I’d love to hear some other takes on this idea, but also please use this space if you have other resources to share with LGBT people and their parents about these tough issues.

(In other news, I’m off to Kenya in T- 3 days!  Hopefully I’ll get one more post in before then, but otherwise, I’ll see you in 4 months!)


Christmas and Gender Stereotypes

Merry Christmas fellow queer kids!

As much as I hate using my friends as fodder for this blog, one of my good friends’ comments touched on a subject I think is really important, but perhaps I’ve glossed over in the past: the conflation of gender roles and sexuality.  My friend mentioned how she didn’t like Johnny Depp’s performance in Pirates of the Caribbean because he acted too “gay” to be a pirate.  Ironically, I thought this role was the absolute highlight of his career, specifically because he made the atypical, perhaps slightly effeminate and uncourageous male attractive.  Though the role of Jack Sparrow was never meant to be played that way, Depp’s ability to transform the stereotype of a male pirate into its complete opposite while maintaining his personal sex appeal was nothing short of amazing.  However, my friend’s contrary viewpoint brings up an important concept.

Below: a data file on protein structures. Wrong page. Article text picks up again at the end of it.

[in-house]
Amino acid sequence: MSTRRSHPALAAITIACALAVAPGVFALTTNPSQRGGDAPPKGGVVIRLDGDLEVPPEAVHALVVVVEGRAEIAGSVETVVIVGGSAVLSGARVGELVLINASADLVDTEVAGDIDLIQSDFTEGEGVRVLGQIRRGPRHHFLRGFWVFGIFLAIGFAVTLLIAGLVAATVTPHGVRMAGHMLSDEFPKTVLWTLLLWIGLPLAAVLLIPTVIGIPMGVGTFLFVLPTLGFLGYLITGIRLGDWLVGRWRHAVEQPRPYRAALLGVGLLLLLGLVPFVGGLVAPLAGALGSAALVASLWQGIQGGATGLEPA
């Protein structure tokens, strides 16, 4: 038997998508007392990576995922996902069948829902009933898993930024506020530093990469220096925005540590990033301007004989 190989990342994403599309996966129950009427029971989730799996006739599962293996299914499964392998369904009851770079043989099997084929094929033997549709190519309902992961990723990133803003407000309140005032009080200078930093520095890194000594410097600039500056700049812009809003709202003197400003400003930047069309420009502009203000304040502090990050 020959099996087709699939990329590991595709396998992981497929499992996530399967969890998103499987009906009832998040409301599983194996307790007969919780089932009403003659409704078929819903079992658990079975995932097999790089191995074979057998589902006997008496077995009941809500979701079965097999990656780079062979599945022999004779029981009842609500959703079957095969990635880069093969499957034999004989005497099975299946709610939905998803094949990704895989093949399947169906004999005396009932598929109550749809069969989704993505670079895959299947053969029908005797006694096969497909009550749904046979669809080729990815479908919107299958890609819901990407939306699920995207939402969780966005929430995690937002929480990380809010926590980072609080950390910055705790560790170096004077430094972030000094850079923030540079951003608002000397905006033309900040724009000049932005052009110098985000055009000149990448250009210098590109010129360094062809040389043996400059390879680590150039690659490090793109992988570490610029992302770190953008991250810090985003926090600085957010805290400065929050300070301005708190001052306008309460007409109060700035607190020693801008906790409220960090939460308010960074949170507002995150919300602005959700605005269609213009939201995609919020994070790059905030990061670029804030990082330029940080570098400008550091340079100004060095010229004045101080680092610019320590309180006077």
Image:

Sexuality and gender presentation are not perfectly correlated, and that is primarily because gender roles are so highly constructed by society.  We talk about this a lot in my Rainbow Speakers Bureau presentations at school- society’s idea of what constitutes a “manly man” or a “womanly woman” is constantly evolving and is very much relative to the culture surrounding it.  This is incredibly evident in many areas, from sports to modeling to high school Proms, but I want to focus on two areas in specific- movies and dance.